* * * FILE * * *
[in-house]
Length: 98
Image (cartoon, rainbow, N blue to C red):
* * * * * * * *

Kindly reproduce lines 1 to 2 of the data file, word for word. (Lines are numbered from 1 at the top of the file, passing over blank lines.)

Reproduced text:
[in-house]
Length: 98